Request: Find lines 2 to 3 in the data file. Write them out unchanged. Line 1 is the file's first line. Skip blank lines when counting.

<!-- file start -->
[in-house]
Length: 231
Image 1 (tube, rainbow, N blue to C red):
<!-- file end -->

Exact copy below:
Length: 231
Image 1 (tube, rainbow, N blue to C red):